Posted: Thu Sep 08, 2016 6:58 pm Post subject: SOS Khojki
Why a special section on Khojki? In fact many Ismaili documents have been preserved thanks to this secret scripts of the Ismailis. Most of these documents are in Indic languages but we also have Khojki documents in Persian (Farsi) and Arabic.
Put in this section all information related to Khojki scripts and documents (theology, history, others) preserved through the ages.
Posted: Wed Jan 04, 2017 8:51 am Post subject: Khojki Inscriptions on Ismaili Tombs of Lassi Kabrastan
There are few tombs in Lassi cemetery of Karachi, Pakistan with Khojki inscriptions . These are obviously very old and the inscriptions are not perfectly legible. here is the link to some pics of the inscriptions and the tombs
Here is a catalogue of Khojki Manuscripts in the Collection of the Ismailia Association of Pakistan in 1971
The catalogue was prepared by Zawahir Noorally and covers 114 manuscripts which were sent with subsequent arrivals to the IIS in London. These manuscripts were later scanned at the same time as other Khojki manuscripts received from institutional and private sources.
Here is a partial list of the Table of Content of some of the manuscripts in the collection of the Heritage Society. This list was prepared 25 years ago and is nw been completed within the project to soon put online all of the scans of the complete collection.
Catalogue of Khojkî Manuscripts available through the Heritage Society
The Landa family of scripts. These were Brahmi derived scripts that were in use in North Western India to write the languages there (Punjabi, Seraiki, Potohari, Hindko, Sindhi etc.). Sharada script was the parent of these family of scripts. The only surviving script of this family today is Gurmukhi, which has come to be a standard script for Punjabi in India. All the others have either gone extinct due to large scale adoption of Perso-Arabic variants or in some cases Devanagari and Gurmukhi.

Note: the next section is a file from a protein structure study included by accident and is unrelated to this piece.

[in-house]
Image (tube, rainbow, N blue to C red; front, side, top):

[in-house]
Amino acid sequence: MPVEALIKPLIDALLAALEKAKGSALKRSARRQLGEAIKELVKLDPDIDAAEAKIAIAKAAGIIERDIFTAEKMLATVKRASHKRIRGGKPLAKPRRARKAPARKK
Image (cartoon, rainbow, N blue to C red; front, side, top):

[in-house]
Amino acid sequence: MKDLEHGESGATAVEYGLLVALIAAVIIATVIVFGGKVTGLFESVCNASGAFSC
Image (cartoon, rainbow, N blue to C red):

Why am I writing about these scripts today? Because there is a very interesting script among these – Khojki. What is interesting about this script?
Before telling that, let me tell you an impact that the spread of Islam has had on the world of scripts. Islam has decimated a lot of writing systems across the world, wherever it spread. The Pahlavi script, which was in use when Islam entered Persia has gone extinct. Iran uses the Arabic script for its language today. Sarada and It’s descendants, the Landa scripts, were widely used in North West India, even inside Afghanistan. The whole area is now using the Arabic script. We all know how Hindi itself was written in the Arabic script, which only changed about a century ago due to rise of nationalism in North India. Many people may not know, there are even medieval works written in Tamil by Muslims in a variant of the Arabic script. The Jawi script, another variant of the Arabic script was widely used in South East Asia for writing languages there. The Roman Alphabets have since taken over there due to western colonization. The Turkish language also was written in the Arabic script for over 1000 years, before being Romanized after the fall of the Ottoman Caliphate. The central Asian Turkic languages too (along with Tajiki, one of the standard registers of Farsi) were written in Arabic script, before Soviet Union changed their scripts to Cyrillic. The Turkic language of the Muslim Uyghurs is written in the Arabic script even today. Etc. In short, the spread of Islam also led to the spread of the Arabic script, as new converts were arabizing their languages everywhere. A very interesting exception is the Khojki script – the subject of this post. This was a Brahmic script and a descendant of Sharada as I mentioned before. And most interestingly, it was exclusively used by a Muslim community – the Ismaili Khojas, after whom the script is named. Not only that, they actually used the script to write their liturgy! This is the only case where I have come across, where a Muslim group had accepted a Brahmic script for liturgical purposes.
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